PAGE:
Emily Fennel from Yuba City, California, who lost her right hand in a 2006 serious car accident, underwent a hand transplant surgery at Ronald Reagan UCLA Medical Center on March 4, 2011 within 14 hours.

Fennel’s new hand came from an unnamed deceased donor and its blood type, color and size made it good match for this single mother. However, she has to take anti-rejection medicie all her life to prevent her body from rejecting it.

The hand transplant surgery was the first of its kind in the Western U.S. and the 13th out of 14 such procedures performed in the U.S. It involved a group of 17 surgeons, anesthesiologists, operating room nurses and technicians.

Emily Fennel shows off her right hand transplant

Doctors must use a microscope to make sure that things were just so while they connected two bones, 23 tendons, two arteries, four veins and at least three nerves to attach the hand.

The hand transplant looks like Fennel’s left hand in terms of size and color

During last five years, she tries to do everything with only her left hand


Though the 26-year-old was allowed to leave the hospital on April 6, 2011, she still plans to spend a couple of months living near here to be monitored by doctors and get occupational therapy.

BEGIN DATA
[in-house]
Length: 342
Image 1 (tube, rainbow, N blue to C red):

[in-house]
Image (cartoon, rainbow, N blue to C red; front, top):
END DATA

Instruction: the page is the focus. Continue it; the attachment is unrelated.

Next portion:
X-rays of her badly injured hand

Surgeon Dr. Kodi Azari and organ preservationist Nicholas Feduska (left) arrive at UCLA Medical Center with a cooler containing the hand on March 4, 2011

After receiving the new right hand, Fenny hopes to do everything that she couldn’t do during the last five years like wiggling her fingers, putting her hair in a ponytail or cutting up steak with a knife and fork.

An image of her 14-hour surgery. Dr. Azari (seated right) checks on finger flexibility as the donor’s hand is attached to Fennell

She learns to pick up and place objects during an occupational therapy session on April 4, 2011

The first hand transplantation was performed in Ecuador in 1964 before the development of modern immunosuppressive therapy. Since then, more than forty hand transplants have been undergone around the world.

She tries playing chess with her new right hand


Fennell (right) listens as Dr. Azari describes the surgery that gave her a new hand in a press conference on April 19. 2011

Her face looks very happy after she has right hand transplant



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